- The Washington Times - Wednesday, March 4, 2015


The substitute has bested the regular. NBC News veteran anchorman Lester Holt has upped the ratings at his network while substituting for Brian Williams, currently waiting out his six-month suspension from the job. Nielsen numbers reveal that Mr. Holt draws 10.1 million total viewers each night - a rare milestone, and one that rival networks have not reached in eight seasons, according to AdAge. Mr. Holt has also increased the much coveted 25-54-year-old viewing audience by 6 percent, and NBC now leads CBS ad ABC.

As a weekend anchor, Mr. Holt has waited years for such intense national attention, and has risen to the occasion. But there is some history here. As a 20-year-old, he was first hired in the business by the late Jerry Nachman - a cigar-smoking Brooklyn native and an award-winning, old school newsman who was editor-in-chief of The New York Post, and news director for multiple NBC and CBS radio and TV affiliates. In 2002, he became vice president and editor-in-chief of the newly founded MSNBC.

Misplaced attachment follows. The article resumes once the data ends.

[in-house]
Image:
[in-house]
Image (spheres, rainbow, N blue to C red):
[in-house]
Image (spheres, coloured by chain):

All that said, the historical background may lend insight into Mr. Holt’s success - and serve as a primer for all broadcast big shots. Upon receiving a First Amendment Award from the Radio Television Digital News Association last year, he cited the wisdom of his old mentor Jerry, who died in 2004 at age 57.

“The most important thing he told me was that the highest calling in what we do is being a reporter, and that has been really the guiding principle throughout my career. You can call any fancy title you want - principal anchor, executive producer, news director - at its essence, we are all reporters. That’s what we should be, that’s what we should aspire to be, and that’s what makes us good at what we do,” Mr. Holt declared.

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